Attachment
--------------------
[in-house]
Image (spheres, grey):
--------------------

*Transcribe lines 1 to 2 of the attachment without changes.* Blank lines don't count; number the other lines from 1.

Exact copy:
[in-house]
Image (spheres, grey):